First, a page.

Strong Culture With a Local Twist Makes Roth a Great Place to Work

As Roth Staffing Companies prepares to celebrate the 25th anniversary of its founding later this year, it’s proud that it still has more than two dozen employees who have been with the firm for more than 20 years.

It’s no surprise that the firm has focused on building a culture that resonates — with internal employees, consultants and customers. This has been the key to retaining employees long-term while also hiring enough new employees to expand the firm to 100 offices in 20 states — and landing on Staffing Industry Analysts’ Best Staffing Firms to Work For list multiple years in a row.

“Our purpose is to make life better for the people that we serve,” says Adam Roth, the firm’s CEO. His father, Ben Roth, founded the company in Newport Beach, California, in 1994 and today is its chairman. “If we go out and impact people’s lives in a positive way, the business excellence will happen. Internally, we want to create a place that’s special and where people want to come to work every day.”

Roth Staffing Companies is a family of staffing firms with different specialties: Ultimate Staffing Services, the original company, which provides office, administrative and clerical staff; Ledgent Finance & Accounting, a finance and accounting staffing and executive search firm; Ledgent Technology, an IT staffing firm; Adams & Martin Group, a legal staffing firm; and About Talent, a managed service provider. It has 650 employees.

Focusing on the firm’s mission has enabled the company’s hiring managers to find and nurture people who have a passion for making a difference in other people’s lives.

Hiring First

Building a strong culture starts with the hiring process — which can be lengthy.

“If we don’t hire people that are able to enliven and champion our culture, there’s going to be a huge disconnect,” Roth says. Candidates who are inspired by the company’s vision “get excited during the interview process — they jump in and talk about how it resonates with them.”

The firm looks at culture at both a macro level — how well the candidate is aligned with the firm’s overall mission and vision – and a micro level. The micro-level culture fit — how well the employee fits in at his or her branch office or corporate department — is critical, Roth says, because the day-to-day experience at work is “why people join the organization and why people stay.”

Although all branches subscribe to the overarching firm culture, “you want your branches to have local personality: How they have fun in the workplace, celebrate success and engage in the recruiting process should take on a local flair,” Roth says.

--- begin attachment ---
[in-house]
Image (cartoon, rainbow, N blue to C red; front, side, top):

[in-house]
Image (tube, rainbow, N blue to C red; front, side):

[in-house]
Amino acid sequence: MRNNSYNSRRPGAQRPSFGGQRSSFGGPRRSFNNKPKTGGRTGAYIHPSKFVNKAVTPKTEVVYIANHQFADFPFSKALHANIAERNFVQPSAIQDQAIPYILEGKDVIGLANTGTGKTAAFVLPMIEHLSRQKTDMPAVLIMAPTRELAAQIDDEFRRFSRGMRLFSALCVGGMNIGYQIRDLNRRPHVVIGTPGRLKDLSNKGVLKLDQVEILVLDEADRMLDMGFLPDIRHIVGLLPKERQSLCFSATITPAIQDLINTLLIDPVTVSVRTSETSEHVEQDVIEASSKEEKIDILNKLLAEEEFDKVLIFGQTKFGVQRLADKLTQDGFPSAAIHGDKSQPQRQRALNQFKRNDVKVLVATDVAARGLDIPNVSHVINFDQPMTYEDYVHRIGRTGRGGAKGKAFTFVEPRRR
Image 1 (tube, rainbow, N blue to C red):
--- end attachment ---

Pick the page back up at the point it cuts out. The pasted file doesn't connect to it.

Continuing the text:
Hiring managers use a proprietary online assessment to pinpoint areas to discuss during the first interview, which is focused on cultural fit. They are also very forthcoming about the core philosophies of the firm, so that people understand it from the beginning.

“We are very much a performance-driven organization, but we are also very concerned with doing things the right way and doing good things for people,” Roth says.

Training, Development Are Key

Once employees are hired, what makes them want to stay? One key: clearly defined growth and career paths — and the training and support to help employees follow them.

“We are making sure people have the opportunity to take on more and learn new things,” Roth says.

When the firm’s leaders first decided to focus on career paths, they tried to create a standard structure for advancement.

“But as we did that, we realized that growth means such different things to different people,” Roth says. Some may want to move up the ranks into management, others may want to move to a new role — and some may want to get better at their current jobs rather than move to a new position. They decided to focus instead on giving managers the tools to create a growth plan for each employee. Supporting employees on their individual growth paths can involved training — either internal or external — or other opportunities.

The firm also offers perks such as a parental leave program and a recently expanded work-life balance program. They know there is a strong correlation between employee engagement and giving, so they look for opportunities for employees to volunteer together, for example.

Employees have donated thousands of hours of community service. Recently, more than 450 Roth employees and their families took part in the Orange County Heart & Stroke Walk, for example.

“It’s fun to see people come out for these events,” Roth says. “They have a huge sense of pride in the organization.”